Several non-interventional studies have equally demonstrated the negative impact of tobacco smoking on TB treatment outcomes [8–11, 17, 50]. It has been previously documented that being a non-smoker is associated with a greater chance of adherence to TB treatment (OR = 1.8; 95% confidence interval, CI = 1.0-3.3) . However, it is not well-known whether quitting smoking during TB treatment would have immediate impact and produce similar outcomes as those seen among never smokers. Wang and Shen found that 11.3%, 15.0%, and 19.5% of quitters, non-smokers, and persistent smokers were non-adherent to DOTS regimen respectively . Upon adjustment for sociodemographic confounders, TB patients without smoking cessation were twice more likely to default treatment than those who achieved cessation (OR 2.03; 95% CI 0.99-4.18) .
Similarly, in the present study, the rate of default at the end of TB treatment was significantly higher among TB patients in the usual care group when compared with the patients in the integrated care group. This finding indicates that tobacco cessation intervention could influence patients' adherence to treatment during the course of DOTS. Of the seven patients who interrupted treatment in the usual care group, more than 50% did so by the end of intensive phase of treatment. Therefore, SCI should be initiated as soon as a patient is enrolled into a DOTS program . Evidence on the direct effects of tobacco cessation on TB treatment outcomes is scanty, yet recent observational studies indicate that TB patients who continue to smoke during treatment remain at greater risk to default treatment [17–19]. These observations corroborate the current findings, which are in the context of an experimental environment.
In a Hong Kong study using a logistic risk model of default (predictive power 85%), Chang and colleagues found that the risk for defaulting treatment under DOTS could be accurately predicted by smoking (OR 3.0, 95% CI 1.41-6.39, p = 0.004) among other factors . This is also supported by similar studies conducted in Tiruvallur District, South India and in Taiwan in which smoking among TB patients receiving DOTS was demonstrated to be significantly associated with a higher likelihood of treatment default (OR 2.1, CI 1.3-3.4; p < 0.01 and OR 2.45, CI 1.22-4.93; p < 0.05, respectively) [11, 50]. From observations in SCIDOTS Project, we conclude that regular patient-provider interaction during DOTS reinforced by intensive tobacco cessation follow-ups may significantly improve adherence to TB regimens.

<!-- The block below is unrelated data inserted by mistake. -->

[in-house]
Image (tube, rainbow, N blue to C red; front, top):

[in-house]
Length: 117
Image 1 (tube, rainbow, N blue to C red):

Overall, the present study underscores the potential benefits of smoking cessation in improving outcomes during the course of TB treatment. Therefore, the clinical and practice implications of the current findings include emphasis on the importance of connecting smoking cessation as part of the therapeutic plans for individuals newly diagnosed with TB.
There were a number of inevitable limitations in the present study. This study was a non-equivalent comparison group trial involving TB patients. The non-randomized approach to group assignment was in the light of the nature of nicotine addiction and ethical dilemma, which necessitated us to adopt the Transtheoretical Model of Stages of Change during the assignment of subjects into the treatment groups. Therefore, there were inherent potential threats to internal validity. One of these is selection bias, because assignment to groups was based on participant's decision. There was also relatively large dropout rate without intention-to-treat analysis. It remains possible that TB patients who participated may have differed in some important way from those who were lost to follow-up. In addition, the study was limited by its short follow-up periods; we did not follow subjects after completion of DOTS to determine maintenance of abstinence and long-term outcomes of TB. Furthermore, the difference in nicotine dependence between the intervention and the comparison groups might influence the study results considering that the latter group had higher nicotine dependence at baseline than the former. This baseline difference can be controlled by considering the baseline FTND score as a covariate in subsequent analysis. In such circumstance, analysis of covariance (ANCOVA) with repeated measures instead of analysis of variance (ANOVA) is a statistical strategy to control for such differences. Unfortunately, all the primary outcome variables were non-parametric, which precludes the application of this parametric test. Therefore, this was an important limitation to this study. It is also worthwhile to note that the success recorded in this study might be influenced by Hawthorne effect as the intervention group had follow-up visits more than the comparison group.